Lázár calls refugee quota plan “anti-democratic and inhumane”

May 5, 2016


Minister Overseeing the Office of the Prime Minister János Lázár and government spokesman Zoltán Kovács held their 48th marathon press conference Thursday afternoon. Their main theme was the Hungarian government’s opposition to the EU asylum seekers quota.

As we reported earlier this week, Hungary’s highest court, the Curia, has given the green light to the government’s referendum on EU plans to redistribute refugees among the 28 Member States in an effort to help those countries disproportionately affected by the crisis.

On Wednesday, the European Commission released a proposal outlining how this would work in practice. Among other things, the Commission would require those Member States that choose not to particpate in the quota pay EUR 250,000 per refugee to those Member States which end up shouldering the responsibility.

Lázár’s comment on this was no different from the statement made Wednesday by foreign minister Péter Szijjártó — both think the proposal is nothing less than blackmail.

But Lázár took it one step further by calling the proposal “anti-democratic and inhumane.”

According to him, the quota is undemocratic because Hungarians do not want to allow migrants into their country and the EU is trying to do something that will “significantly alter Hungary’s demographic composition.”

The minister went on to call the proposal inhumane because — get ready for this — it does not take into consideration the wishes of the migrants. According to Lázár, “these people don’t even want to come to Central Europe, but instead want to stay in Germany in hopes of receiving huge social benefits, more benefits than they would receive if they chose to stay in their own country and work.”

He said the Visegrad Group (Czech Republic, Slovakia, Poland and Hungary) are all on the same page in rejecting the Commission’s proposal.

The referendum

The best way to defeat the quota, according to Lázár, is by holding a referendum and hearing the voice of the people.

He said Prime Minister Viktor Orbán is unable to defeat the EU alone and that’s why he needs the help of the people. That is why it is important Hungary holds a valid referendum on the issue, Lázár said.

How could a referendum do more to reject the quota than the word of the prime minister?

This was just one of the questions that Lázár tried to juggle during the press conference. If the EU is able to make the quota happen in accordance with EU law, how on Earth could a referendum in Hungary challenge that?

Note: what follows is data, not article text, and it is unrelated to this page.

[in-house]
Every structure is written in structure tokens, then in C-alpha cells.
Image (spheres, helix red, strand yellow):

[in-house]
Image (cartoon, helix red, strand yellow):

Lázár could not answer the question and was somewhat impatient with reporters for pressing the issue, but he did say that he is not willing to comment on the referendum as a lawyer…

Hungary is not Cologne

Lázár also brought up news that broke earlier in the day. According to a story published Thursday morning on atv.hu, a group of refugees residing at a small make-shift refugee camp in the western Hungarian town of Körmend were caught gawking at teenage girls playing handball. Atv.hu said the refugees broke the window of a neighboring building and that parents and students in the area are terrified.

Later in the afternoon, the government announced that Orbán had ordered interior minister Sándor Pintér to “immediately address” the “illegal migrants in Körmend responsible for harassing the handball-playing girls.”

“This cannot happen in Hungary, we will not be Cologne,” wrote the government of the incident. “The government demands Körmend police take the most serious action in every such case.”

Hungarian news site 444.hu then reported that the Vas county police department had released a statement which called the reports of the Körmend incident “inciting” and “baseless.” According to the police, there is no evidence that any migrants broke any windows, no one was injured and the authorities did not report any disturbances.

Lázár obviously didn’t get the message.

Other things that happened at the press conference

  • Government spokesman Zoltán Kovács lost his temper with some for playing video games during the press conference;
  • Lázár said nothing illegal happened in the National Bank of Hungary scandal and György Matolcsy is a great c. bank governor;
  • Lázár denied that the government set up a refugee camp in Körmend because of the town’s extremely close proximity to the Austrian border (where the refugees would like go to escape Hungary). According to him, Körmend is in the middle of the country;
  • He said the reason the government decided NOT to provide non-refundable subsidies for households to make their homes more energy-efficient is because it would not have been just. He said the government really needs that EU money for its own buildings. Earlier, months ago, Lázár claimed the EU wouldn’t allow the government to give this money to Hungarian households.